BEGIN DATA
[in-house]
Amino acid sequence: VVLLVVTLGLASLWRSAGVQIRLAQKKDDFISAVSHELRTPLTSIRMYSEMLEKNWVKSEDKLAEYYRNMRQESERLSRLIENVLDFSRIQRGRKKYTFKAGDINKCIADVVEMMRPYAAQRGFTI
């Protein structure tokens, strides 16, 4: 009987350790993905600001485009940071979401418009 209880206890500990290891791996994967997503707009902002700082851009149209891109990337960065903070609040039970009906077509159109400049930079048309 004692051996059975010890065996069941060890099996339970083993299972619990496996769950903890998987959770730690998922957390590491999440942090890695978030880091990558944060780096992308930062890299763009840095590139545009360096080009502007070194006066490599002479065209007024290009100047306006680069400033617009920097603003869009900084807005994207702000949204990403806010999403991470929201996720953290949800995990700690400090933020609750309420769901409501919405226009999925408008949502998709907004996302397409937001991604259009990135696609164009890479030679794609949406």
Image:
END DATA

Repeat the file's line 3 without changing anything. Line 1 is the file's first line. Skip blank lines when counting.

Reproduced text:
């Protein structure tokens, strides 16, 4: 009987350790993905600001485009940071979401418009 209880206890500990290891791996994967997503707009902002700082851009149209891109990337960065903070609040039970009906077509159109400049930079048309 004692051996059975010890065996069941060890099996339970083993299972619990496996769950903890998987959770730690998922957390590491999440942090890695978030880091990558944060780096992308930062890299763009840095590139545009360096080009502007070194006066490599002479065209007024290009100047306006680069400033617009920097603003869009900084807005994207702000949204990403806010999403991470929201996720953290949800995990700690400090933020609750309420769901409501919405226009999925408008949502998709907004996302397409937001991604259009990135696609164009890479030679794609949406």